Someone asked me how my blog and newspaper column came to be titled "Bleachers Brew". It's like this, it's an amalgam of sorts of two things: The bleachers area in the stadium/arena where I used to sit when I would watch baseball, football, and basketball games and Miles Davis' great jazz album Bitches Brew. That's how it got culled together. I originally planned on calling it "The View from the Big Chair" that is a nod to Tears For Fear's second album, Songs from the Big Chair. So there.

Wednesday, November 12, 2014

Debunking myths on the presence of foreign players in the UAAP

I wanted to submit this in one of the sites I write for but it just too long. And I didn't want it chopped up or even edited for its message. I wanted it out there in its entire length.

Debunking myths on the presence of foreign players in the UAAP
by rick olivares

I just heard from a couple of UAAP Board Members that they are leaning towards limiting slots of foreign athletes to one per team. That topic will be tabled for discussion by the season’s end.

I applaud the league from the departure from their initial thoughts of a blanket ban on foreign athletes to a more sensible stand.

Nevertheless, that begs the question: where exactly do they stand with regards to these foreign athletes?

First and foremost before we dissect that, let it be known that this is once more a basketball issue (most especially the influx of African student-athletes) that has affected every other sport. With the arms race for a basketball championship escalating, teams will not stop at putting up a super team.

Let’s tackle the so-called arguments for the removal or ban on foreign players.

Argument #1 They take away slots from local players.

Argument debunker: In a UAAP basketball team there are 16 slots. In a UAAP football team there are 18. You mean to say that one or two foreign players of take away slots? For as long as there have been athletic teams, there are players who get cut for various reasons: he wasn’t that good, he wasn’t the favorite, or he had poor grades.

Any player recruited is deemed to be important to the cause of winning a championship. Not every player – foreign or local – develops immediately. Some take years before their game finally matures and they become of any use. If the foreign player were said to be the “meal ticket” then since 2008 when this current wave of African players finally reached the UAAP shores, why has there only been one team to win a title with an African?

In Season 77, four teams listed foreigners on their squad – NU, FEU, UE, and UST. La Salle, Ateneo, Adamson, and UP didn’t field any foreign players.

Of the Final Four squads, two were without reinforcements. That they did not make it isn’t entirely because the opponents made massive use of their foreign players. You will be hard pressed to find that argument in the La Salle-FEU series.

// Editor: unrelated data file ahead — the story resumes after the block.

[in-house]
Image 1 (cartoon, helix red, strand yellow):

Ateneo’s loss boiled down to execution and the fact that they really lacked the ceiling to begin with.

According to Imperium Technology, the outfit that tracks stats in UAAP competition, in the category of the “Top 20 Players Who Played the Most Minutes,” only one is a foreigner.

Top 20 Minutes Played
1.    Ravena, Kiefer (ADMU) - 35.20
2.    Vosotros, Almond (DLSU) - 32.76
3.    Gallarza, Rey (UP) - 32.70
4.    Teng, Jeron (DLSU) - 31.36
5.    Rios, Jansen (ADU) - 31.24
6.    Newsome, Chris (ADMU) - 30.78
7.    Elorde, Nico (ADMU) - 30.19
8.    Trollano, Celedonio (ADU) - 30.06
9.    Alolino, Angelo (NU) - 30.01
10. Abdul, Karim (UST) - 29.99
11. Tolomia, Mike (FEU) - 29.22
12. Khobuntin, Glenn (NU) - 28.58
13. Ferrer, Kevin (UST) - 28.17
14. Rosario, Jeth (NU) - 28.12
15. Perkins, Jason (DLSU) - 27.31
16. Belo, Mark (FEU) - 27.13
17. Inigo, Alejandrino (FEU) - 26.87
18. Mariano, Aljon (UST) - 26.70
19. Vigil, Louie  (UST) - 26.54
20. Juruena, Mark (UP) - 26.01

For the champion NU Bulldogs, they leaned heavily on Cameroonian Alfred Aroga and Henri Betayene to man the five-spot. Their only other options were Tristan Perez who after some strong showings in Season 76 sort of regressed a bit (that was evident in the D-League from last season) and JP Cauilan who is still raw for the college game.

You will be surprised to know that Aroga played the fourth most minutes behind Gelo Alolino, Troy Rosario, and Glenn Khobuntin. Betayene logged the eighth most minutes for a NU player.  

For FEU, American center Anthony Hargrove logged the sixth most minutes of all Tamaraws. Yep. Sixth. Right behind Mike Tolomia, Mac Belo, Achi IƱigo, Carl Cruz, and Roger Pogoy (who came off the bench).

Playing the slot, he was backed up by Russell Escoto, Raymar Jose, Reeve Usgang, and sometimes, Cruz. I felt it was Hargrove’s inconsistency during the finals that did the Tamaraws in. There was no one up front who could match up against the Bulldogs’ Alfred Aroga. Escoto wasn’t his old self after getting knocked out with a knee injury two years ago. Jose plays with a lot of heart and has some moves but is still not yet polished.

This was the first time since Season 71 since the current wave of African players began playing in the UAAP that a school won with a reinforcement. It is a marked and pronounced difference from the NCAA where the lack of parity has really swung the title race the way of San Beda for the past decade now.

Looking at UE, Moustapha Arafat didn’t do as expected in his maiden season with the Red Warriors. He had problems guarding players out in the wing. If he was set in the middle he did fine. Charles Mammie, in his second year at UE played well in the second round and was a big reason why they nearly made it to the Final Four. And guess, what… Mammie logged only the fifth most minutes on the team.

Bong Galanza, Roi Sumang, Paul Varilla, and Chris Javier played more minutes than Mammie.

But get this (according once more to the official statisticians), UE outscored their opponent by a total of 132 points through 15 games when Mammie is on the court while the Red Warriors outscored their opponent by 82 points when Javier is on the court.

I don’t think that UE’s Derek Pumaren plays favorites. He plays who he believes will get the job done without predilection towards stars or race.

Argument #2 These foreign players were recruited to play.